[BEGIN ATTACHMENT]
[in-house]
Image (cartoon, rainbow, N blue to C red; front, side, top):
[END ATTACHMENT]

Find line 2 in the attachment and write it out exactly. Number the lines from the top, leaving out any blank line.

Image (cartoon, rainbow, N blue to C red; front, side, top):